I’ve got a point– I’d like you to consider adopting a senior the next time you look for a dog. There are plenty of lists about why senior dogs are great, but most of them leave off the best reason.
A Senior Dog Will Change Your Life.
I picked up Ripple from a shelter in Denver.
She was emaciated, she had frostbitten notches on her ears, and she ran (okay, staggered) from everyone except one shelter tech.
Eventually, I caught her and held her collar.
She wouldn’t settle, so I sang to her. By the time I’d run through every song I knew, she was leaning her whole weight against me while I ran my hands over her bones.
At the front desk, I told them, “I’m going to think about it.” But I was a goner, and we all knew it.
The next day, she hopped into my front seat and grinned like a maniac.
Looking over at her, I wondered just how crazy she was. One of my cousins saw the photo later and said, “You know when you’ve been sprung from death row.”
Ripple Was a Terrible Name.
I’d been thinking about the easy lilt of the Grateful Dead song. What showed up in my house was feral, feisty, and she didn’t give a hoot what I thought about it.
I hoped that good nutrition would correct her shambling gait. She’d obviously had a recent litter, and the teats were still hanging. My friends took one look and named her Ripple-Cripple-Nipple. Terrible nicknames have a way of sticking.
But that’s where it gets interesting, because Ripple had character.
The Shelter Is a Tough Place for Senior Dogs.
In a high-volume shelter, she’d have been in real trouble.
Senior dogs are often the last to be adopted. Shelter staff fall in love with them, but prospective adopters don’t always see the spark.
That puts senior dogs at risk for euthanasia, either from potential health issues or their length-of-stay in a crowded shelter. Long stays are stressful, which can lead to withdrawal or behavioral problems that make it even harder to get adopted.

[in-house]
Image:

So, I’d like to tell you about what happens when you take a senior dog out of the shelter and into your home.
Senior Dogs Know What they Like.
Ripple had opinions. Rotisserie chicken? Good. Green beans? Trash. These toys are MINE. You will rub me here. When you scrubbed the inside of her fuzzy ears, her eyes would roll back in her head with delight.
There’s simplicity in living with a creature who makes it clear what they want.
Senior Dogs Have Quirks.
I like to eat on the patio if the restaurant has one. So did Ripple.
She’d pick up her dog dish and carry it down the steps, out the dog-door, and settle in a sunny spot. I’d have to go out in the yard and search for her bowl twice a day, but I loved this about her.
The first time a fire engine went by, it was 3 a.m.
The grumble from Ripple started low and soft, so at first I thought of the earthquakes that had woken me in other places. Her grumble swelled into a rasping, gravelly howl. She sounded like a dive bar singer who’d smoked two packs a day for twenty years.
I sat up and aaaarrrrooooohed along with her. Ripple stopped howling. She stared me down with disgust. Obviously, my singing didn’t meet her standards.
Senior Dogs Know a Good Thing When They See It.
Living with Ripple was comedy every day. She had a raw appreciation for life, and a no-holds-barred grasp on what she wanted.
I hung toys from a tree, and she’d tug until the cords popped. Then she’d parade her trophy around the yard. She rolled in my garden beds. She would do anything to get a cappuccino, and caffeine was the last thing that nutjob needed.
Ripple would build nests of toys and pillows on her corner of the couch. When we went hiking, she’d slide on ice and crash into snowbanks, to flop out and do it again. Back at home, she’d stretch out in my lap, happy as long as I read to her.